Legal Question in Constitutional Law in Washington

Gag order

A gag order (or ''suppression order'') is an order, sometimes a legal order by a court or government, other times a private order by an employer or other institution, restricting information or comment from being made public.

A gag law is intended to limit freedom of the press, as by instituting censorship or restricting access to information. In the United States, a court can only order parties to a case not to comment on it; a court has no authority to stop unrelated reporters from reporting on a case. Most statutes which restrict what may be reported have generally been found unconstitutional and void.

This may be untouchable Question:

If someone had knowledge of crimal act but signed a Confidential agreement. A gag is placed on them from revealing the truth. I that person became a reporter for a newspaper.

Can the reveal the truth directly or thru another reporter.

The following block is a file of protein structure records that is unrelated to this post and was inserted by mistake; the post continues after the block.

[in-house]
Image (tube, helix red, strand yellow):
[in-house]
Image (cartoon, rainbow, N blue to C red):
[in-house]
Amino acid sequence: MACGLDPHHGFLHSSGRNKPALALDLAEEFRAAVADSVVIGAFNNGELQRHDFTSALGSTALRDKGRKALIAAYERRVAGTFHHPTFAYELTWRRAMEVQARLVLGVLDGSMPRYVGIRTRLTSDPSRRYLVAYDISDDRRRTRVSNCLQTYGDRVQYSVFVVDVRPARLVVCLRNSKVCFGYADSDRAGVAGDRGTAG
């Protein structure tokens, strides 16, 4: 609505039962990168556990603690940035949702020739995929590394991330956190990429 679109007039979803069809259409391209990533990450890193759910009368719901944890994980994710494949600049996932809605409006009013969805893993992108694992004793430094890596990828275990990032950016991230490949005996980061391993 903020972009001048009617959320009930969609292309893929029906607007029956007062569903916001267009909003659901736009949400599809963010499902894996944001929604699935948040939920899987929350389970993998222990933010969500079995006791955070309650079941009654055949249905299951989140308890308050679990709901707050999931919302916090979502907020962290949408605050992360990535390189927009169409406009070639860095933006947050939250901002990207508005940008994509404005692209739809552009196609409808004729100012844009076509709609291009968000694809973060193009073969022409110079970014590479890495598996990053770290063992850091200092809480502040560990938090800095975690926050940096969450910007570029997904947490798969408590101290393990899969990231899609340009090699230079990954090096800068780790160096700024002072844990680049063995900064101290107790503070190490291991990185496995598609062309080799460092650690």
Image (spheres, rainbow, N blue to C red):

Thanks in advance for the truth


Asked on 9/09/07, 10:33 pm

1 Answer from Attorneys

Edward Hoffman Law Offices of Edward A. Hoffman

Re: Gag order

A confidentiality agreement between private parties cannot trump the requirements of the law. If someone who has signed such an agreement is in a position which requires her to report the crime (if she has been subpoenaed, for example, or is being questioned by police investigating the crime, or has an independent duty to report it), she must answer and disregard the agreement.

Whether the agreement will be binding in other situations will depend upon the nature of the agreement, with whom it was made and the circumstances under which the individual is planning to breach the agreement. Generally courts would frown upon such agreements because they are against public policy, but this will not always be the case.

Journalists present special confidentiality issues in some states, but only when the agreement is made as part of their journalistic duties. Becoming a journalist after the fact does not give special status to prior confidentiality agreements that had nothing to do with journalism.

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Answered on 9/09/07, 10:41 pm

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